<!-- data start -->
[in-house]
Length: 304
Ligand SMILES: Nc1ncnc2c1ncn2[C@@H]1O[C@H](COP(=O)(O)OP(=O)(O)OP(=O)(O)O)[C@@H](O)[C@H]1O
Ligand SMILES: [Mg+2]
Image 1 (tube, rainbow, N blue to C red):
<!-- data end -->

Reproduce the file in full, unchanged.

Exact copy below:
[in-house]
Length: 304
Ligand SMILES: Nc1ncnc2c1ncn2[C@@H]1O[C@H](COP(=O)(O)OP(=O)(O)OP(=O)(O)O)[C@@H](O)[C@H]1O
Ligand SMILES: [Mg+2]
Image 1 (tube, rainbow, N blue to C red):